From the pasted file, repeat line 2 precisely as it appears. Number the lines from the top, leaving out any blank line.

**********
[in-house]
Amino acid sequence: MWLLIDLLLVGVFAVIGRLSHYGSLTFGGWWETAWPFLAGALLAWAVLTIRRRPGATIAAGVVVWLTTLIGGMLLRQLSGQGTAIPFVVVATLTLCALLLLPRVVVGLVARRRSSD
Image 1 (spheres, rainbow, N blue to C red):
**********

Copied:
Amino acid sequence: MWLLIDLLLVGVFAVIGRLSHYGSLTFGGWWETAWPFLAGALLAWAVLTIRRRPGATIAAGVVVWLTTLIGGMLLRQLSGQGTAIPFVVVATLTLCALLLLPRVVVGLVARRRSSD